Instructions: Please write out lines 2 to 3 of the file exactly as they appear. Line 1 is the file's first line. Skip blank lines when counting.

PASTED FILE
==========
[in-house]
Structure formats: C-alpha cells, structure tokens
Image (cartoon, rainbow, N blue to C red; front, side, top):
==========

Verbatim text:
Structure formats: C-alpha cells, structure tokens
Image (cartoon, rainbow, N blue to C red; front, side, top):